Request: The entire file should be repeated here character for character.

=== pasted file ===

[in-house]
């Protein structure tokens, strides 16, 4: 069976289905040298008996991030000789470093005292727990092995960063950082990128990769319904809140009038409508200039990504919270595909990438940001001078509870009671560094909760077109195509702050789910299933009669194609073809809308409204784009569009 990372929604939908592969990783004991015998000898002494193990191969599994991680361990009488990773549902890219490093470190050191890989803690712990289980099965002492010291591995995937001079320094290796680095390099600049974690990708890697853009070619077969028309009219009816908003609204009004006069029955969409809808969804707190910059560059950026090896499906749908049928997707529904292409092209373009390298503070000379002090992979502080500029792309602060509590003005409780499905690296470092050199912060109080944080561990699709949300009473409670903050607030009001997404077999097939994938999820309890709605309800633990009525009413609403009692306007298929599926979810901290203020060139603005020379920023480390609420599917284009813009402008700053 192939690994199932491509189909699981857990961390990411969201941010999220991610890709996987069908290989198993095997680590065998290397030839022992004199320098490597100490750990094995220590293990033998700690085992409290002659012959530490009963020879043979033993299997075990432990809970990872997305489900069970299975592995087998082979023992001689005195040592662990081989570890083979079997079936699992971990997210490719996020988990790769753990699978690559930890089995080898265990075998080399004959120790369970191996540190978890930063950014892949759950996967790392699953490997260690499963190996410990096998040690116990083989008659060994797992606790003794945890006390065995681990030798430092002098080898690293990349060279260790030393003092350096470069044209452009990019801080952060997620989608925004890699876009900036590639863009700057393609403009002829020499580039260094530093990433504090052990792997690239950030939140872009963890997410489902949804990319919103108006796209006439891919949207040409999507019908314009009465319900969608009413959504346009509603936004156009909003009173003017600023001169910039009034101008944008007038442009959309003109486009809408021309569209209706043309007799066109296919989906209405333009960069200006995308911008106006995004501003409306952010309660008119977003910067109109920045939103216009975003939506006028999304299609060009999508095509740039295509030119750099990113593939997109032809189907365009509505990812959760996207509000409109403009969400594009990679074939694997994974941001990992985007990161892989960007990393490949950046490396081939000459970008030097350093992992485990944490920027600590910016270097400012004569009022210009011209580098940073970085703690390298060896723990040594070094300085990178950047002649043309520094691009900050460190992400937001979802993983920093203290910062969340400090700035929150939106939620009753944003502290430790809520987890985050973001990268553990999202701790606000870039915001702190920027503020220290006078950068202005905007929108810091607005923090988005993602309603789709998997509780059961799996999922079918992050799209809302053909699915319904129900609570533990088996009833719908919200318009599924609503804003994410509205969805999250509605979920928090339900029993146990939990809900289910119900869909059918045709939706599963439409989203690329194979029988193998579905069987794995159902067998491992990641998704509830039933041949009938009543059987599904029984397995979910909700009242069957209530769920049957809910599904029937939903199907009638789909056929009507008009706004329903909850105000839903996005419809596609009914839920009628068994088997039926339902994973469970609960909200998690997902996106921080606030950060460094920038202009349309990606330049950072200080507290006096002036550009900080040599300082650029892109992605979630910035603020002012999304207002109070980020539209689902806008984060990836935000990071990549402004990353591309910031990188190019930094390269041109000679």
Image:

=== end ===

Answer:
[in-house]
């Protein structure tokens, strides 16, 4: 069976289905040298008996991030000789470093005292727990092995960063950082990128990769319904809140009038409508200039990504919270595909990438940001001078509870009671560094909760077109195509702050789910299933009669194609073809809308409204784009569009 990372929604939908592969990783004991015998000898002494193990191969599994991680361990009488990773549902890219490093470190050191890989803690712990289980099965002492010291591995995937001079320094290796680095390099600049974690990708890697853009070619077969028309009219009816908003609204009004006069029955969409809808969804707190910059560059950026090896499906749908049928997707529904292409092209373009390298503070000379002090992979502080500029792309602060509590003005409780499905690296470092050199912060109080944080561990699709949300009473409670903050607030009001997404077999097939994938999820309890709605309800633990009525009413609403009692306007298929599926979810901290203020060139603005020379920023480390609420599917284009813009402008700053 192939690994199932491509189909699981857990961390990411969201941010999220991610890709996987069908290989198993095997680590065998290397030839022992004199320098490597100490750990094995220590293990033998700690085992409290002659012959530490009963020879043979033993299997075990432990809970990872997305489900069970299975592995087998082979023992001689005195040592662990081989570890083979079997079936699992971990997210490719996020988990790769753990699978690559930890089995080898265990075998080399004959120790369970191996540190978890930063950014892949759950996967790392699953490997260690499963190996410990096998040690116990083989008659060994797992606790003794945890006390065995681990030798430092002098080898690293990349060279260790030393003092350096470069044209452009990019801080952060997620989608925004890699876009900036590639863009700057393609403009002829020499580039260094530093990433504090052990792997690239950030939140872009963890997410489902949804990319919103108006796209006439891919949207040409999507019908314009009465319900969608009413959504346009509603936004156009909003009173003017600023001169910039009034101008944008007038442009959309003109486009809408021309569209209706043309007799066109296919989906209405333009960069200006995308911008106006995004501003409306952010309660008119977003910067109109920045939103216009975003939506006028999304299609060009999508095509740039295509030119750099990113593939997109032809189907365009509505990812959760996207509000409109403009969400594009990679074939694997994974941001990992985007990161892989960007990393490949950046490396081939000459970008030097350093992992485990944490920027600590910016270097400012004569009022210009011209580098940073970085703690390298060896723990040594070094300085990178950047002649043309520094691009900050460190992400937001979802993983920093203290910062969340400090700035929150939106939620009753944003502290430790809520987890985050973001990268553990999202701790606000870039915001702190920027503020220290006078950068202005905007929108810091607005923090988005993602309603789709998997509780059961799996999922079918992050799209809302053909699915319904129900609570533990088996009833719908919200318009599924609503804003994410509205969805999250509605979920928090339900029993146990939990809900289910119900869909059918045709939706599963439409989203690329194979029988193998579905069987794995159902067998491992990641998704509830039933041949009938009543059987599904029984397995979910909700009242069957209530769920049957809910599904029937939903199907009638789909056929009507008009706004329903909850105000839903996005419809596609009914839920009628068994088997039926339902994973469970609960909200998690997902996106921080606030950060460094920038202009349309990606330049950072200080507290006096002036550009900080040599300082650029892109992605979630910035603020002012999304207002109070980020539209689902806008984060990836935000990071990549402004990353591309910031990188190019930094390269041109000679």
Image: